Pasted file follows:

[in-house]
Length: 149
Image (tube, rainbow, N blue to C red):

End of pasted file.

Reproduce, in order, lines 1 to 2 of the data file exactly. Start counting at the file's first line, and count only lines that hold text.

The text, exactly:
[in-house]
Length: 149